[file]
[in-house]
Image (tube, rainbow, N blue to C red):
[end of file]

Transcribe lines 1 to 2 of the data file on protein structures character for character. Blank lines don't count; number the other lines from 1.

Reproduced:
[in-house]
Image (tube, rainbow, N blue to C red):